here. It is a real challenge. If commercial equipment were available,
eventually, we would have the "appliance" ham on the band. QRP operation
and technical ability would become the exception rather than the rule.
Please forgive me for being a cynic.
"TEXAS" & WD5CVG
Re: [Lowfer] LF ham band in the US??
Wed, 04 Feb 1998 13:52:41
John Davis <email@example.com>
I concur with Lyle that code/no-code is irrelevant under the circumstances.
I hope, though, that an LF allocation would not be reserved for only the
higher class licenses, but that it would be available to at least General
Class... perhaps any licensee eligible for HF privileges.
Something else that needs to be addressed early in the discussion is what
bands are realistically available. One suggestion was that "something
around 400 to 500 KHz would be nice." Yes, it would be. But it's not
going to happen. That region is heavily occupied, and nobody's interested
in talking to us about even a secondary allocation there.
It's probably worth mentioning that a US LF ham band is not a new idea, so
some of this has already been covered elsewhere. A consultant for the ARRL
started a dialog with the Longwave Club of America about a year and a half
ago, along these very lines. I'm afraid we didn't contribute as much to
the discussion as we should have at that time, but the subject is on the
minds of the brass at ARRL, if not on the front burner. This reflector has
prompted a lot of the type of discussion we should have had back then. (I
believe this message thread is being noted, fortunately.)
Here's a little background on previous recommendations, and the current
Table of Allocations, which may help us focus on what's possible. The NTIA
once recommended 160-190 kHz as a possible site for an LF ham band, along
with expansion of some HF bands. However, 160-190 isn't the only
possibility, and might not even be the best choice, for a number of reasons.
Experienced LowFER operators know what havoc can be wreaked by European LF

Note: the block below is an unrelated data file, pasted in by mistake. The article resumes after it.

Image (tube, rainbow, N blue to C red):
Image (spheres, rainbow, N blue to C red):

broadcasters in this region. (They, in turn, wouldn't care to have
potentially high-power American signals interfering with them; however, I
doubt we'll be granted enough power for this to ever be a problem.) The
band is also allocated in this region to the International Fixed Public
service under Part 23, and apparently fixed stations under Part 80, as well
as government fixed and maritime mobile.
Evidently, neither Part 15 operation nor the much higher powered GWEN have
been considered a serious impediment to these services. But there are
additional complications. First, 160-190 kHz probably could not be made
available in Alaska or most of Canada, where aeronautical fixed services
have primary status for propagation reasons in the auroral zone. Second,
there's no hope whatsoever of Transatlantic QSO's, not even cross-band, due
to the aforementioned LF broadcasters being in our target area. Choosing
the 160-190 kHz slot would be to resign ourselves to domestic operation only.
For there to be any chance of Transatlantic contacts, we would need to
transmit below 148.5 kHz. As it happens, the 130 - 160 kHz band is
allocated to the same type of services as 160 - 190, except that maritime
mobile is also available for non-government use. Thus, it should not be an
insurmountable problem to share at least part of this band. As Lyle noted
earlier, though, there are still some users here, and we might have to
settle for a rather narrow slot.
These are the basic trade-offs we face. We can forget operation above 190
kHz, and we can hope not to be faced with an allocation below 130 kHz.
Within that range, we may have to choose between a relatively wide
allocation with no prospect of international communication, or else a
narrower band with at least some chance of DX.